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Failures of past coups hold lessons for Thai junta chief

Publication Date : 15-08-2014

 

It's a sure bet that National Council for Peace and Order (NCPO) chief General Prayuth Chan-ocha will become the country's 29th prime minister.

Not only has Prayuth received strong public backing, the National Legislative Assembly (NLA) key figures have also thrown their weight behind the Army chief.

Some members of the NLA, tasked with calling a vote on the PM, have even voiced opposition against other candidates challenging Prayuth's nomination, reasoning that the general is the most suitable and most qualified at this political juncture.

"The good intention behind the power seizure must not be wasted," say Prayuth supporters, in encouraging the NCPO chief to double as PM and take absolute control in running the country.

Does this sound justifiable?

Evidence gleaned from the records of two previous coups show coupmakers were strongly condemned by democracy enthusiasts for "tearing up the charter" and were unable to accomplish the mission as they envisaged.

Under the interim administration led by the National Peace Keeping Council (NPKC) led by General Sunthorn Kongsompong and General Suchinda Kraprayoon who staged a coup against the General Chatichai Choonhavan government, respectable technocrat Anand Panyarachun was appointed PM.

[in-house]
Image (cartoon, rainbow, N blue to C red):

NPKC members reportedly were not pleased with the role carried out by "the Rattanakosin elite" for some time but they could not act against Anand because Suchinda had handpicked him for the post.

At the Council for National Security helm, General Sonthi Boonyaratglin who staged a coup against the Thaksin Shinawatra government, was reportedly not happy at times with the administration of the Surayud Chulanont government.

Sonthi could not do much, as he had great consideration for Surayud, his former boss.

Taking previous lessons into account, the NCPO and Prayuth must be decisive. They must have supreme control.

Nevertheless, full-throttle acceleration without taking circumstantial factors into consideration may wreck the engine.

Transparency is the key to prevent the realisation of the saying that "absolute power corrupts absolutely".

It is a good sign that Prayuth has affirmed there will be no interference in the justice system. Political rivals should be allowed to prove their innocence in court battles. Lies, distortion of information, systematic propaganda and underhanded tactics must not be used.

The NCPO chief should learn from the lessons of history and refrain from repeating those mistakes. He must act to normalise the country's situation, bridge the gap and heal the rift for sustainable happiness of all Thais.

 

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